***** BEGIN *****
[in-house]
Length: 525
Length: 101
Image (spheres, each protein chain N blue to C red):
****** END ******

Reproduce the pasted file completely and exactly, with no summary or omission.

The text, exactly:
[in-house]
Length: 525
Length: 101
Image (spheres, each protein chain N blue to C red):